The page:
2 Triangle lawmakers support transit tax

Half-cent levy, if voters approve, would fund bus and rail improvements

Staff WriterApril 16, 2009 

— Two Triangle Democrats set aside qualms about sales taxes Wednesday to endorse local-option transit legislation that is picking up steam in the House.

In a 19-6 vote, the House Finance Committee approved and sent to the House floor a bill that would allow three Triangle and two Triad urban counties to levy a half-cent sales tax -- if local voters agree -- to pay for regional bus and rail transit improvements. Rural counties could seek approval to levy a quarter-cent tax.

Rep. Paul Luebke of Durham, the committee's senior chairman, and Rep. Jennifer Weiss of Cary, a co-chairwoman, said the sales tax provision was an unfair burden on middle- and lower-income residents.

"Corporations pay virtually no sales tax," Luebke said. "So when we use a sales tax, we are not asking corporations to pay their fair share."

But both said they would back the legislation after it was amended to promote affordable housing near transit stations and to let Research Triangle Park employers pay up to $4.3 million a year in property taxes earmarked for transit improvements.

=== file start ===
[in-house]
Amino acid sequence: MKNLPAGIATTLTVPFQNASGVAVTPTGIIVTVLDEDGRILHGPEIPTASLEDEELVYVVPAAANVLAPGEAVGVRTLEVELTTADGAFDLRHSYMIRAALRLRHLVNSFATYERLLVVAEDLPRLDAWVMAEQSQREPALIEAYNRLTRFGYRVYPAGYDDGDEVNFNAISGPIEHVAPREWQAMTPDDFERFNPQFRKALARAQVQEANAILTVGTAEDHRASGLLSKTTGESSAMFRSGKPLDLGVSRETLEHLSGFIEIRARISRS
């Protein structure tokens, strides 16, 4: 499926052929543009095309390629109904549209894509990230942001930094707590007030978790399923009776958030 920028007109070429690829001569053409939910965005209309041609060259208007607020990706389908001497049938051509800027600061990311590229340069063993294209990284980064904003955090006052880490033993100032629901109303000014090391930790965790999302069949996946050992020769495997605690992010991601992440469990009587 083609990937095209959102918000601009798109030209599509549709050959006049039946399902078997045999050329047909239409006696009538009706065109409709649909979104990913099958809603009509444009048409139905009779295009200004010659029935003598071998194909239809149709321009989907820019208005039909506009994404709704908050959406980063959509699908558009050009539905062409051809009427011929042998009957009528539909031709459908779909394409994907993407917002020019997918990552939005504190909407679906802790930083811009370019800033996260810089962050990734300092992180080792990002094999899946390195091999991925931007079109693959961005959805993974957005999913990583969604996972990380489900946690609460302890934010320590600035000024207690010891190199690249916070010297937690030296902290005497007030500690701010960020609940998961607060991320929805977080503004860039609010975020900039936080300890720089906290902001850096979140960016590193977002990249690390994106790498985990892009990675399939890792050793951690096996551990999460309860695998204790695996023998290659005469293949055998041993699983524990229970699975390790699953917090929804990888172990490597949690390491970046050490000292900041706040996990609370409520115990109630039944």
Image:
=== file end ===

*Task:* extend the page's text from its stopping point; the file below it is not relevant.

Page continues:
"A cluster of businesses in the park have shown their willingness to be part of funding transportation improvements and linking us to 21 {+s} {+t} century transit options," Weiss said after the vote.

In the Triangle, a half-cent sales tax would generate about $90 million a year for trains and buses.

Stam doesn't like it

Rep. Paul Stam of Apex, the House Republican leader, voted against the bill after raising a different kind of tax fairness issue. While North Carolinians can deduct property tax payments from their federal income tax returns, most taxpayers can't deduct sales taxes, he said.

The transit bill was introduced in 2008 but withdrawn after its sponsor, Rep. Becky Carney of Charlotte, feared for its prospects in Luebke's committee. Concern about gas prices and the state's relentless growth this year helped backers build support from an unusual coalition that includes environmentalists and advocates for the poor as well as business lobbies and highway builders.

"We wholeheartedly support this bill," Christie Barbee of the Carolina Asphalt Pavement Association told the finance committee. "We believe it is time for all North Carolina communities to have the tools and the revenue options necessary to address their transportation needs."

bruce.siceloff@newsobserver.com or 919-829-4527

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